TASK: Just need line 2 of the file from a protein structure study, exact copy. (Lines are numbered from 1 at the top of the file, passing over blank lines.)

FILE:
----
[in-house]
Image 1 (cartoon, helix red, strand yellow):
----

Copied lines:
Image 1 (cartoon, helix red, strand yellow):